• Repair Services – Cochlear will continue to repair the sound processor through December 31, 2016. All repair warranties will end on December 31, 2016.
  • End of Life – The sound processor is no longer supported after December 31, 2016. This means that if your Freedom Sound Processor stops working, Cochlear cannot repair it. Or if you lose a part or accessory, Cochlear cannot replace it.
 
Elijah currently has two Nucleus 6 Processors that are about 18 months old. He also has four Freedom processors that are not being used. I am going to call SunMed tomorrow and see if he can get two new Nucleus 6 processors since the Freedom processors are going obsolete. I figure it is worth a shot. He upgraded to the Freedom processors back in 2006 and then his body worn processors went obsolete about 2 years later and we were able to trade those in for two new Freedom processors. We shall see what happens.

Sunday, January 10, 2016

Life is Funny

Body Worn Processor
I met a friend of mine at a Mexican restaurant to celebrate our graduation from college and earning our Master's Degrees in Special Education. Elijah went along with me because I didn't want to leave him at home alone. My friend and I talked and we all ate a great meal. Elijah was busy playing games on his iPhone and really didn't pay us much attention!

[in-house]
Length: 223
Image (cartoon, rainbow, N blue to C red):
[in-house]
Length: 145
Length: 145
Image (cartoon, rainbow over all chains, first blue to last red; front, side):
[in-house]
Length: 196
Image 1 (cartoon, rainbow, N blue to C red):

My friend and I were talking about the certification test she still needs to take and our future plans in education. One of the managers of the restaurant came over and asked us how our meal was. My friend spoke to him about another manager that works there. She said he husband went to college with the other manager and they spoke for a few minutes. This manager then said, "The reason I came over is my son is deaf and he just got his cochlear implants." I asked him how old his son was and his son is 12 months old. I told him a bit about Elijah and how he was turned on with his first implant at 18 months of age and how he got his second one at the age of 4 1/2 years. He asked me how Elijah was doing and I proceeded to ask Elijah some questions. Elijah answered them all without even looking up from his iPhone. The manager then showed my friend and me a video of his son being activated. It was exciting to see how the boy reacted to hearing for the first time. The gentleman stayed and talked to us for several more minutes and I encouraged him to make sure he took his son to auditory verbal therapy and to TALK all the time to him. His son has the Nucleus 6 processor like Elijah wears now. I told him about Elijah's first processor which was a body worn processor. He was surprised to hear they used to be so big!